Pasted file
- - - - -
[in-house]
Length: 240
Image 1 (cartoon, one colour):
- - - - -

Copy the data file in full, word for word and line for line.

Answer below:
[in-house]
Length: 240
Image 1 (cartoon, one colour):